I am then called inside for the SSEP procedure .   This is basically designed to see how well the brain and spinal cord can react to messages to and from the various body parts. The speed with which nerves transmit the sensory messages, across known distances.  Brain to tips of the upper limbs, and likewise for lower limbs. So there are electrodes attached to your crown, again with the nice rubbing , and sticking.  A new electrode to your back at your waist, and then lots attached to your ankles. This test doesnt give shocks, but more of a buzz, like a big mosquito bite. Once again they apply voltages/currents, and for some reason the swelling in my ankles seems to behave like an insulation. Time an again i get no sensation from their electric touch, and they keep moving the probe in a certain area, till I overreact, when a slight electric  zing is felt. The test proceeds. I dont sense things going up and down my back, but they see stuff on the screen , and make knowledgeable comments to each other. Two hours later , I am through.

I am simply impressed by the two young girls, who handle these complicated tests, with varied patients. In between they interact with the doctors, as well as the administration/billing people, all this while answering  my questions, They also have excellent people skills, dealing with frightened types, older people who cant hear or language-disabled types.

I realize that while the body has all these glorious systems ticking away inside, it is the brainy high command up there that is kept informed by the nerves about the status of all.  Something doesnt respond to an impulse, something overreacts in pain, something works intermittently. Their are local responses, spinal responses and high command responses. Some nerves, being under an autonomous spinal control, go haywire , and it is sometime before the high command brain figures it out.

Sometimes the nerve itself has gone bad, sometimes the path it follows is in trouble.

And it occurs to me that this is so much like  whats going on in our country., Lots of people, locally controlled, going out of control, making random statements, accusing others, performing faulty actions. By the time people at the top find out, it's too late.

Medicine has all these tests for nerves . I wonder if we need such tests in society.  Backed by science. So we can take action if the person is at fault, and guide him if he is on the wrong path. The tests also tell you if this is a "gone " case, not likely to recover, and likely to lead to some serious affliction. Even then there are ways of making things tolerable.

As for me, I am still waiting to find out my nerve health, and if they have learned any lessons from the shocks they were subjected too .  The report is to arrive in a day.

Just think .Like the country,  sixty plus (and more) - decades of tolerating me, right from birth. I wonder what the nerves will have to say. In society, someone can always get up and give a speech and run someone down with choice epithets.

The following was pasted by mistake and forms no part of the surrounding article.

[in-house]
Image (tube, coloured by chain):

I think my nerves have more class ...   :-)

Hopefully, it will not be another "shock".......

Tuesday, September 13, 2016

Loo Architecture as if people mattered.....

Many years ago, in my working days at an Institute of National Importance,  there was a flurry of new constructions, and set ups, after years and years of making do with existing stuff.  Alumni remembered the Alma Mater, donated, the government too gave decent budget allocations, and our department got a new building , designed by a prize winning architect, who was featured on the cover of a professional journal .  

The most prominent feature of the new building was the open spaces inside , the great heights of ceilings, some kind of wide uncovered iron beams across classrooms way up,  a few labs without a single window , and a central staircase approachable from 2 sides (which made it interesting to chase people) , and the very roomy loos .

It needs to be understood that folks came to work from the far off suburbs by bus and train, be it  rain or shine, and often got completely drenched , quite normal for the Mumbai monsoon.  It helped to have a loo where there was a dry area for folks to change into dry  sarees and other outfits. .

A few months down the line, it became clear that the western style toilets were not exactly popular with the ladies, and since there was a provision for more than one toilet,  there was a move to petition the authorities to convert one to an Indian style toilet.

Such a simple request. But a letter was written, which went with all the signatures through the Head , to the Institute Estate Office that oversaw construction. Mind you, no one thought it necessary to consult the actual users of the building when the designs were being prepared and specifications of fixtures etc were being finalized. In something that always happens , things are approved at rarefied levels without involving the actual users and inviting their input.